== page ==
The Information

Tell me about the strangest person you ever met.

I once knew a man who tried to understand everyone. He thought he could do it by knowing everything. First he learned the names of all the countries and all the races. He learned the names of all the religions and all of their deities.

Then he learned the names of all of the cities, and all of the buildings, and all of the jobs that people had in the buildings. But it wasn't enough. So he learned the names of all of the people who had the jobs, and the products they bought, and the food that they ate, and the farmers who grew the food that they ate.

He began to see people as little compartments of information. The information that each individual possessed would define their interests, their favorite things, and their areas of specialization. He felt that he had enough information to begin the real work. He set out to learn every detail about all the things he knew the names of. Then, he thought, he would understand why every person acted as they did. But when he had all the information to explain everyone else, it was so much that he lost sight of himself.

He couldn't sort his own interests, favorite things, and areas of specialization from all the information in his head.

Then his mind did what it could to solve the problem. It divided everything he knew back into little compartments of information. Within his mind, he constructed precise copies of all the people he had learned, filling him with their voices and desires. He contained them all. And that was the end of it.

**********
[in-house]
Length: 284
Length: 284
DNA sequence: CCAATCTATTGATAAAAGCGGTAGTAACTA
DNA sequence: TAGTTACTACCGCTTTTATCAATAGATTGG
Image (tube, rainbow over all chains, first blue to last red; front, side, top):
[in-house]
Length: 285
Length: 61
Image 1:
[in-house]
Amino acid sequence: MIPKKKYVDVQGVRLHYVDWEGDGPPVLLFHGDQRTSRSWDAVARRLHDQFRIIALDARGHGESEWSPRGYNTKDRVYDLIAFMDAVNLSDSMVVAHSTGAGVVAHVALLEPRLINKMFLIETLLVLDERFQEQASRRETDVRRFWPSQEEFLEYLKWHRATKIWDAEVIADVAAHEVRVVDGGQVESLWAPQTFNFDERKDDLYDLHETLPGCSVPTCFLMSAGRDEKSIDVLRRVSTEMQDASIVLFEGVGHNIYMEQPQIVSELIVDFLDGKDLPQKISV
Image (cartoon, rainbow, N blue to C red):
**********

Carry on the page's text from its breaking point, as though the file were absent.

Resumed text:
He went insane?

No, you idiot, he became a god.

About the author:

From the Pacific Northwest to the Windy City, Matt Fagan has carved a path of artistic destruction through the heartland of America, marking his territory in such publications as Little Engines and McSweeney's along the way. He spends three quarters of every year getting ready for Halloween, but the rest of his time is devoted to writing and painting and producing his zine, Meniscus. If you're attempting to capture him, just place a can of OK Soda in a bear trap and wait for him to come hopping along: he always falls for that.